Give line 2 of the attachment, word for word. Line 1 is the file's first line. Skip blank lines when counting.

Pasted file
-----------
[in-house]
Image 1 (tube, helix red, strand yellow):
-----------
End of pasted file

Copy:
Image 1 (tube, helix red, strand yellow):